Monday, March 24, 2008

5, 4000

A double milestone for the Iraq war this past week, neither happy -- the war reached its fifth anniversary and the number of U.S. military deaths reached 4000. It's an appropriate time to look back.

Republicans and Democrats seem trapped in their official narratives about the war. The Republicans seem incapable of admitting that the war was a big, fat, bad idea, and bungled to boot. President Bush started an unnecessary war based on false intelligence, baldly lied about how long the war would take, how much it would cost, and how many casualties would be incurred. He turned it over to the arrogant and incompetent Donald Rumsfeld, who mismanaged it about as badly as could be imagined, so that it's already taken 10 times as long and cost 10 times as much as the least optimistic original estimates, and the end is not in sight. That kind of thing tends to cancel out the good things that your presidency has accomplished -- not that Bush had a whole lot of good things to cancel out, anyway.

On the other hand, Democrats seem incapable of acknowledging that things are going at least a little better lately. U.S. military deaths have slowed to about 1 per day -- an awful figure, but a whole lot less awful than the 3-4 per day we were previously experiencing. Iraqi deaths are down too. It's terrible and tragic that we've lost 4000 troops, but that's still not even 10% of the losses in Vietnam. Democrats also need to acknowledge that as stupid as the war was, it's happened, and can't be wished back into nonexistence. We need a strategy going forward that starts from where we are now.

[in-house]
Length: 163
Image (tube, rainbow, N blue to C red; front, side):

Unfortunately, it's hardly a great accomplishment to be able to say that after 5 years, 4000 American deaths, and $500 billion, we've managed to get to a situation that's only bad, as opposed to appalling, and that might reasonably be hoped to stay only bad for at least a while now. I heard an interview over the weekend with some returning soldier who suggested that we need to "finish the job." But what is "the job" and what would constitute "finishing" it? To "finish the job" we would need to stay in Iraq indefinitely, probably for another decade, and lose another three or four thousand troops, and spend another trillion dollars or so, and what would be the best result? The original idea of creating a stable, pro-Western democracy seems a hopeless dream.

It's ironic that Republicans would be the first to scream if you seriously suggested a ten-year, trillion-dollar federal government effort to improve society here in the U.S. Yet they're all gung ho to have that same government spend that amount trying to improve things halfway around the globe.

Last week, Barack Obama spoke openly and honestly about problems of race in America. He said things that few politicians have dared to say. He treated us like adults and spoke honestly about the sources of our racial problems.

Could someone, perhaps Obama, do the same for Iraq? I don't see a way to a solution until someone gets honest about the problem.

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